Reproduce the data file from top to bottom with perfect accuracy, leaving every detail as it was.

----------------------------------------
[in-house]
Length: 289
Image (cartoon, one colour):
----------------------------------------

[in-house]
Length: 289
Image (cartoon, one colour):